So yeah, being a member of the Lucifuge and having to deal with the idea of defining a monster and what is good and bad and where you fall on the spectrum should cause a lot of Breaking Points cause it is a really hard life. The character shouldn't be able to just go 'welp, I'm descended from a demon prince and have powers that defy understanding and go around making decisions about good and bad/ monster and not; all while being a person/or not without having to face any difficult sense of self challenges about it. Life is good'


                          (he/him/his)


                          Backer #2010

                          Comment


                          • #28
                            Originally posted by ElvesofZion View Post

                            You are wrong. Breaking Points are not the when the character's sanity withers, losing a dot of Integrity is. Which can happen when you FAIL a breaking point but doesn't when you succeed. The point being that Breaking Points should occur when the character questions their world view (which for a hunter is going to be a bit different from a non-Hunter), if they pass then they have successfully coped with their world.

                            So yeah, being a member of the Lucifuge and having to deal with the idea of defining a monster and what is good and bad and where you fall on the spectrum should cause a lot of Breaking Points cause it is a really hard life. The character shouldn't be able to just go 'welp, I'm descended from a demon prince and have powers that defy understanding and go around making decisions about good and bad/ monster and not; all while being a person/or not without having to face any difficult sense of self challenges about it. Life is good'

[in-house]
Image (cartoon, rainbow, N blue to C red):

I'm not saying that the compassionate hunter should have it easy. If Ms. Compassion saves a monster because it looks like a child and she finds it the next morning feasting upon the intestines of her friend, that should totally be a Breaking Point, regardless of her original good intentions. I just don't see why treating each monster on an individual basis should run a greater risk to the sanity of a hunter than slaughtering every one of them indiscriminately. If Mr. K in my earlier example is hunting down every hiding deviant child at the school so that he can shoot them in the face as they cry and plead for their lives, why should his sanity be more secure than that of a compassionate hunter witnessing their monster buddy hurting a human in self defense?


                            Jason Ross Inczauskis, Freelance Writer
                            Currently writing: Dark Eras 2, Mummy: The Curse 2e, Pirates of Pugmire, TC In Media Res. Previous projects: DtD Night Horrors: Enemy Action; C20 Anthology of Dreams
                            Masculine pronouns preferred.

                            Comment


                            • #29